I had heard many people talk about Chef Leung’s signature dish of Molecular “xiao long bao”. I tasted some of the finest xiao long bao’s during my ten day trip to China two years ago so I was curious to see whether Leung had compromised the dish for the sake of style. I was advised to eat this in one bite as it would literally fall apart after the first bite. Sure enough, there was an explosion in my mouth! It was bizarre to have the flavour of xiao long bao with no texture at all but it was sticky and delicious with a long and rich aftertaste in my mouth. A very refreshing course following the rich xiao long bao was the Tomato, “pat chun” Chinese vinegar, fermented Chinese olives “lam kok”. The tomato on the right was cooked in a sweetened black Chinese vinegar “pat chun”, followed by tomato wrapped in Chinese pastry which was then deep fried with fermented Chinese olives “lam kok” from Chiu Chow, followed by an airy tomato consommé tower which incorporated gelatin to keep its shape.
Continuing with the theme of black truffles, the next course was the Black truffle “chian dan chee”. The toast had been cooked in wagyu beef fat which was then layered with truffled scramble egg, dehydrated ham and of course a very generous shaving of Perigord black truffle! The intensity of the truffled scrambled egg and black truffle was very enjoyable and the saltiness of the dehydrated ham was the perfect finish to the dish.
I was much more taken by the next knockout dish, Lobster Sichuan butter poached, peas, sweet corn and chili lobster chips. The juicy Boston lobster had been cooked sous-vide with Sichuan pepper and butter. I loved the moderated spiciness from the Sichuan pepper and the sweetness of the corn and peas, both adding depth and complexity. I’m not good with extremely spicey food like authentic Sichuan cuisine but this had just the right amount of heat for me.
I thought it would be a hard act to follow the lobster dish but I wasn’t let down by Chef Leung on the subsequent meat course. The star component of the Saga-gyu beef, truffled tendon, Chinese chive, daikon and aromatic consommé was however a surprise. The tendon was beautifully infused and cooked with black truffles for three hours, while the white and green noodles on the side turned out to be daikon and Chinese chives, which worked harmoniously with the dish. The texture and flavour of the saga-gyu beef was very good and perhaps the easiest of the components, but it was the deep and rich soup that stole the show. It took 48 hours to prepare this soup, incorporating a good balance of spices including cardamom, bay leaf, aniseed, and cinnamon. This deconstruction of the classic humble Chinese Beef Noodles was the perfect way to end the meal before indulging in dessert.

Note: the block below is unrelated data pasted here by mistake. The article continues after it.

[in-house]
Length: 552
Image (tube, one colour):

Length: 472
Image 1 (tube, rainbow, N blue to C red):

The first of the dessert was the Sandalwood, chocolate and hawthorn. Sandalwood is more commonly used for its fragrance for cosmetic products but in this case its smoke was sealed in a glass tub containing chocolate mousse and dry iced hawthorn. The smoke infused in the chocolate was certainly unique although I wasn’t a particular fan, and I felt the hawthorn was overpowered by the smoke.
The trio of ‘lung jing’ tea ice cream, ‘shui jing fang’ caramel and lychee rose icicle were unlike other Chinese desserts I had ever tasted and highly original. The ice cream resembled that of macha green tea on a bed of dried white chocolate powder and the caramel had been infused with Chinese spirit that retained a significant sweetness. The icicle exerted a beautiful perfume of rose and lychee flavour, completing the trifecta of flavour, aroma and temperature. This dessert was superb and a great way to finish the meal!
As I nibbled on the petit fours of the eight treasures, I finally succumbed to fatigue. It was quite comforting to end the meal on a familiar sight of miniature delights but with distinct Asian flavours. In particular, I really enjoyed the lotus seed, chocolate and stick rice dumpling and the mandarin peel chocolate truffle.
There’s no doubt that the cooking in Bo Innovation was very sound, and I was blown away by most of their dishes. If you took away the Chinese element, the molecular component of the dish was perhaps less dramatic than other places I’ve been to. However, in absence of any gimmicks, the food here is unquestionably serious, real and most importantly delicious. The seamless integration of modern techniques to traditional Chinese dishes using quality seasonal produce has resulted in an unprecedented modern interpretation of Chinese cuisine.
I also couldn’t recommend the Chef’s Table any more highly and I enjoyed the ongoing banter with one of the chef de cuisine, David. I personally found in my journeys across China a lack of interest and discord with the front of house and chefs in fine dining establishments. I was comfortable here dining alone and did not at one point feel either bored or awkward. What Asian cities like Hong Kong need right now are more chefs like Leung and restaurants like Bo Innovation to showcase their diverse cuisine and produce in a much more engaging and personable environment. I look forward to comparing this with the tasting menu in Bo London very soon!